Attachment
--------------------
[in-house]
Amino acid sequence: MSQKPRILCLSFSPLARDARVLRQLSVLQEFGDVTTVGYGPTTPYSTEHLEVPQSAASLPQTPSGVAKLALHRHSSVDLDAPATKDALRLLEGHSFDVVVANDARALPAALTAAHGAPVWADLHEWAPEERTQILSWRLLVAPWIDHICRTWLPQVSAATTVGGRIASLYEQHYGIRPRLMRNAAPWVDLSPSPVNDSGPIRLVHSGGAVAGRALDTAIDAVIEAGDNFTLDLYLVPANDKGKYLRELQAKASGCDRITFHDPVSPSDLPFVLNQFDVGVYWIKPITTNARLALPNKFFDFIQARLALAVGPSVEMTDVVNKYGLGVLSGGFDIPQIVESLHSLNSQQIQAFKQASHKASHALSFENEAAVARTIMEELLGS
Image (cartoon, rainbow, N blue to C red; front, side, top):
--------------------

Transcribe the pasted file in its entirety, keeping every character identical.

[in-house]
Amino acid sequence: MSQKPRILCLSFSPLARDARVLRQLSVLQEFGDVTTVGYGPTTPYSTEHLEVPQSAASLPQTPSGVAKLALHRHSSVDLDAPATKDALRLLEGHSFDVVVANDARALPAALTAAHGAPVWADLHEWAPEERTQILSWRLLVAPWIDHICRTWLPQVSAATTVGGRIASLYEQHYGIRPRLMRNAAPWVDLSPSPVNDSGPIRLVHSGGAVAGRALDTAIDAVIEAGDNFTLDLYLVPANDKGKYLRELQAKASGCDRITFHDPVSPSDLPFVLNQFDVGVYWIKPITTNARLALPNKFFDFIQARLALAVGPSVEMTDVVNKYGLGVLSGGFDIPQIVESLHSLNSQQIQAFKQASHKASHALSFENEAAVARTIMEELLGS
Image (cartoon, rainbow, N blue to C red; front, side, top):